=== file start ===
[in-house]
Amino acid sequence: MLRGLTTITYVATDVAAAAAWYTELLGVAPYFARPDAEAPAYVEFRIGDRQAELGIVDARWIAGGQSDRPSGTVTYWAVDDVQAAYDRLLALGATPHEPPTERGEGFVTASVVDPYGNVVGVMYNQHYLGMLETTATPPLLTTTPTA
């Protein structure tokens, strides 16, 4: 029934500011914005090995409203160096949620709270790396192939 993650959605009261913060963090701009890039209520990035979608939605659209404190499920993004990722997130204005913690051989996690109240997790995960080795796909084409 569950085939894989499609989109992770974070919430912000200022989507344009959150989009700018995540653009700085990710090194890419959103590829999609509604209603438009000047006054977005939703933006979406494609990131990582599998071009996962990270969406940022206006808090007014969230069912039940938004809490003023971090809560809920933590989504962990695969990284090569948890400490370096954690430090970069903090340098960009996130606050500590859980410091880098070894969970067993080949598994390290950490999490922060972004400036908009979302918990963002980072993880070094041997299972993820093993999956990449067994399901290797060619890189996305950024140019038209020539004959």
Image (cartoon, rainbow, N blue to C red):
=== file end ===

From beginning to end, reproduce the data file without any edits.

[in-house]
Amino acid sequence: MLRGLTTITYVATDVAAAAAWYTELLGVAPYFARPDAEAPAYVEFRIGDRQAELGIVDARWIAGGQSDRPSGTVTYWAVDDVQAAYDRLLALGATPHEPPTERGEGFVTASVVDPYGNVVGVMYNQHYLGMLETTATPPLLTTTPTA
């Protein structure tokens, strides 16, 4: 029934500011914005090995409203160096949620709270790396192939 993650959605009261913060963090701009890039209520990035979608939605659209404190499920993004990722997130204005913690051989996690109240997790995960080795796909084409 569950085939894989499609989109992770974070919430912000200022989507344009959150989009700018995540653009700085990710090194890419959103590829999609509604209603438009000047006054977005939703933006979406494609990131990582599998071009996962990270969406940022206006808090007014969230069912039940938004809490003023971090809560809920933590989504962990695969990284090569948890400490370096954690430090970069903090340098960009996130606050500590859980410091880098070894969970067993080949598994390290950490999490922060972004400036908009979302918990963002980072993880070094041997299972993820093993999956990449067994399901290797060619890189996305950024140019038209020539004959």
Image (cartoon, rainbow, N blue to C red):